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5 questions to ask before hiring a graphic designer

July 11, 2018

First impressions matter. Nine times out of ten, the first impression your customer has of your business is your logo. From your logo, they will form an opinion about your business. Research shows that 93% of purchase judgments are made based on visual perceptions. If there were ever a place to cut corners, your logo design is not it.

The design decisions you make when crafting your brand’s image will inform the look of what you build as your business grows. Things like signage, flyers, business cards, and website should share a consistent look that clearly articulates your brand. Unified designs driven by a proper logo can make a small company feel much larger and more professional.

Hiring a graphic designer is the only surefire way to make sure your logo and branding represents your business as well as you do. But with so many designers out there, how can you find the right person to bring your vision to life? Start with these five important questions to ask when interviewing graphic designers.

1. What experience do you have?

This question may seem obvious—but it’s important for a few different reasons. First, it gives you some background about a designer’s level of experience. Generally, you don’t need a designer with 20 years of experience to do a simple logo, but you should expect that younger or less experienced designers may not actually save you money. Less experience may lend itself to lower rates, but freelancers who are new to the field may not always ask the right questions to guide your vision. In the long run, designers with less experience may end up costing you more as you go through the design process.

The other layer to this question is that it helps determine what a graphic designer can and cannot do for you. If you’ve never worked with a graphic designer before, it’s important to clarify what skills they bring to the table. Generally, expect a designer to be able to visualize the look, feel, and layout of your logo or website—but they cannot code or develop a page for you from scratch. Ask them what skills they will bring to the table from their past experience, and make sure to adjust your expectations accordingly.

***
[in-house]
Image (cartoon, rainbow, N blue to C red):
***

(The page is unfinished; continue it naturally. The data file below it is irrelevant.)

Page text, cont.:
2. Can I see your portfolio and examples of your work?

A designer’s portfolio is one of the quickest ways to tell if their style of work is going to be compatible with the look and feel of your business. Ask for a portfolio to see if a designer has the level of experience they say they have, and to see if they’ve done work in your industry before. A portfolio can also give you a sampling of the type of work they do—if you see lots of advertising work, but not as many logos, you can assume they might have a distinct specialty.

When you work with a designer, expect to bring some of your own homework to the table. If you have an inkling or vision of what you want your designer to bring to life, try to bring some samples of that vision to the interview. Use Pinterest to create a mood board with images and graphics you feel represent your brand. You can compare the things you’ve pinned with a designer’s past portfolio to see if this partnership is a match made in design heaven. Their portfolio should be in a style that complements your business—and make sure you like it.